Benchmark duel: Apple Mac Pro vs. Power Mac G5

Geek Patrol has pitted an Apple Mac Pro against a Power Mac G5.

The configs of the two test machines:

Mac Pro
• Intel Xeon 5150 @ 2.66GHz (two dual-core processors)
• 1024MB RAM
• Mac OS X 10.4.7 (Build 8K1079)
• Geekbench 2006 (Build 190)

Power Mac G5
• PowerPC G5 @ 2.5GHz (two dual-core processors)
• 1024MB RAM
• Mac OS X 10.4.7 (Build 8J135)
• Geekbench 2006 (Build 180)

Geek Patrol reports, “Overall, the Mac Pro is 7% faster than the Power Mac G5. In individual tests, the Mac Pro is between 34.9% and 280.4% of the performance of the Power Mac G5. The Mac Pro outperforms the Power Mac G5 when it comes to integer calculations and scalar floating point calculations, while the Power Mac G5 outperforms the Mac Pro when it comes to vector floating point calculations and standard library memory performance. Of course, we’ve tested a mid-range Mac Pro ($2500 US) against a top-of-the-line Power Mac G5 ($3000 USD), so even though the Mac Pro is only a little bit faster than the Power Mac G5, it’s significantly cheaper!”

Full article with benchmark details here.

MacDailyNews Take: Obviously, we’d like to see the top-of-the-line Mac Pro (with two 3.0GHz Dual-Core Intel Xeon “Woodcrest” processors, US$3,299 as configured above) vs. the old top-of-the-line Power Mac G5 (Original price: US$3,299) that Geek Patrol has used in their testing.


  1. What may be more helpful is to time the two machines doing the tasks that customers would use them for…CS2, video work, etc.

    What I’m wondering is how the faster processors, etc., would compensate for the Rosetta effect on non universal applications like CS2.

  2. Regardless of what people would like to see, a year old Quad G5 standing up to a brand new Core Duo 2 proves that the PowerPC architecture was solid.

    IBM failed PowerPC. When IBM wrote off Apple as not being important enough to keep PowerPC and the G5 a cutting edge processor they seem to have doomed PowerPC. Even the G5 was a lackluster effort on their part.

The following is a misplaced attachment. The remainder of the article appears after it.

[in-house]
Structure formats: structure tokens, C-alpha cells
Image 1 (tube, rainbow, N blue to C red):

What is done is done and for reasons outside of performance I like the move to Intel processors. Dual Boot, Virtualized OS Environments and possibly a Wine type implementation in OS X is reason enough to make the switch.

  3. as a video geek – i’m not 100% in awe of the new intel machines – they’ve always put integer perf ahead of fp and vector perf.

    of course, in the end, the intels always beat the snot out of the PPCs after a time… so i expect this trend to also continue.

  4. Interesting that the 2.66GHz Dual Duo is 7% overall faster than the 2.5GHz Quad G5, and that 2.66GHz is 6.4% faster than 2.5GHz. Seems clock-for-clock they are the same.

    Not bad for a chip that came out a year ago to be on par with one of Intel’s latest & greatest, huh?

    Now where’s my 3GHz G5????

  5. I have a 2.5 with 2 gig of ram. I really would have thought the new model it would have been alot faster even as a mid-line model. I wasn’t in the market to upgrade, but now I know even the 3Ghz probably wouldn’t be worth a $3,500(or more) hit to upgrade, for me at least.

  6. There is no indication that the GeekBench test suite was compiled to take advantage of the “128-bit SSE3 vector engine” that is part of the new chips but un-mentioned with the older chips. Given that the Quad PM has long used G5s with their Velocity Engines, the test compiled for them likely takes advantage of that technology … thus a huge advantage in processing vector floating point calculations. Had they upgraded the memory in the new model they would have seen a jump in memory performance as well.

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